Adverse childhood experiences (ACEs) have been acknowledged as risk factors for increased mental health complications in adulthood, specifically increasing susceptibility to developing psychopathology upon exposure to trauma. Yet, little is known regarding the impact of mild ACEs on highly functioning population. In this study forty participants were selected from a group of 366 highly selected military parachute trainees using the self-report “childhood trauma questionnaire,” and classified into two groups of 20 each, with and without ACEs. Behavioral measurements were obtained before and at the peak of an intensive combat training period, including anxiety, depression and executive function assessment. Functional MRI including a negative emotional face perception task was conducted at the first time point. Psychometric and cognitive measurements revealed higher levels of anxiety and depressive symptoms, and more difficulties in executive functioning in the ACE group at baseline. Slower reaction time to emotional faces presentation was found in the ACE group. Lower activation in response to negative emotional faces stimuli was found in this group in bilateral secondary visual areas, left anterior insula, left parietal cortex and left primary motor and sensory regions. In contrast, higher activation in the ACE group was found in the right ventral lateral prefrontal cortex (Vlpfc). No significant differences between groups were detected in the amygdala. To conclude, mild adverse childhood experiences produce long-term sequela on psychological wellbeing and neurocircuitry even in high functioning population. Brain regions modulated by childhood trauma may instigate avoidance mechanisms dampening the emotional and cognitive effects of intensive stress.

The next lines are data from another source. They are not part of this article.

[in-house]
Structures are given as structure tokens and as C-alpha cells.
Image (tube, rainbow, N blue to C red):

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© 2020 The Authors. Human Brain Mapping published by Wiley Periodicals LLC.
- adverse childhood experiences
- functional MRI